Pierce County, in Washington State, likes to boast that its unique blend of natural beauty and urban sophistication makes it one of the most livable regions in the nation. A large swath of land just south of Seattle, Pierce County encompasses the city of Tacoma as well Mount Rainier, a favorite destination for locals and tourists from all over the world.
The local government of Pierce County takes similar pride in making its community a great place to work and do business. To that end, the county makes all kinds of data about the region—everything from crime statistics to salmon populations—available online for county workers and the general public to search.
To help ensure that all the facts and figures it collects can be understood and put to good use, the county is increasingly presenting its data in an easy-to-read map format.
“Maps give you a special understanding of the data, so you can better understand crime patterns, real estate buying trends, the concentration of drug-abuse clinics or the most industrialized parts of the county,” said Linda Gerull, GIS (geographic information system) manager for Pierce County. Gerull estimates that approximately 80 percent of all county data has a geographic component and can be mapped.
For 15 years, Pierce County has used software from Environmental Systems Research Institute Inc., or ESRI, to build online maps to accompany all the statistics of the Tacoma area. Then last year, Gerull realized there was a big—and growing—problem. The county had mapped so much material in a user-friendly, data-rich way that it had run out of data storage space—quite literally.
Compounding the problem of mountains of data was the fact that ESRI, based in Redlands, Calif., was in the process of moving to a new architecture that would require its customers to add more servers.
Pierce County did not have the budget to buy more equipment; Gerull said she realized that after years of the county adding servers in a haphazard, piecemeal manner as the need arose, she was not so sure that was the right strategy anyway.
The countys existing storage system was based on a hodgepodge of technologies from Hewlett-Packard Co., Sun Microsystems Inc. and other vendors, whose products did not always fit together seamlessly or efficiently.
As a complement to the maps the county already offered, Gerull said it had also recently adopted new data imaging software based on lidar, or light detection and ranging, technology. Lidar enables the presentation of data through terrain and topography imaging, which provides more detail than flat maps but also consumes more storage space. “We just keep adding data,” said Gerull.
There was no shortage of vendors eager to sell more storage equipment to Pierce County, which initially started a very basic search for a cost-effective way to add more storage. Gerull contemplated solutions from Unisys Corp. and HP, which had also recently introduced a blade server product that compartmentalized servers into multiple slots to provide more storage capacity and flexibility.
Ultimately, however, the county selected IBM, based in Armonk, N.Y., to build an information-on-demand system running the ESRI applications, and ESRI would collaborate on designing the underlying architecture for the new system.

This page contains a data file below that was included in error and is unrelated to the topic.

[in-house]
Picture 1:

Because it found the IBM solution offered improved efficiencies, along with greater storage capacity, the county would be able to save money even as it doubled its storage capacity, Gerull explained. The county estimates it will save approximately $3 million in equipment and labor costs while also improving reliability and doubling storage capacity.
“You want to be able to create, capture and store information in a cost-effective way,” said Pete McCaffrey, director of IBMs storage division, which also provided training to Pierce County on implementing the new storage system.
IBM infrastructure technology is made up of a scalable tape library connected to a 6TB DS4500 storage server, four eServer xSeries servers and four eServer BladeCenter servers, McCaffrey said. One important benefit of storing data on BladeCenter servers is that each blade can act autonomously or in unison with the others.
Gerull and her IT staff, who worked to transfer data from the old storage system, opted to split one of its new BladeCenter servers so that half of it is used to store material for the Internet while the other half stores records for its own intranet.
“No major changes in operational systems are easy, but this one was a particularly long procurement cycle, and it did take a lot of testing on our end,” said Marty Balikov, a regional manager for ESRI.
After the IBM technology was installed, Gerull said she discovered that there had been a long-standing problem with the accidental corruption of new data. Her IT staff had been devoting considerable time to retrieving that data just to fix errors. Now they have a full months leeway to easily correct mistakes.
At the same time, end users have remarked that the overall retrieval of county records from ESRI is much faster than it had been, she said.
Both those benefits have turned out to be icing on the cake for Pierce County, which had originally sought only to expand its storage capacity in a way that didnt break the bank.
Andrea Orr is a free-lance writer in San Francisco. She can be contacted at [email protected].
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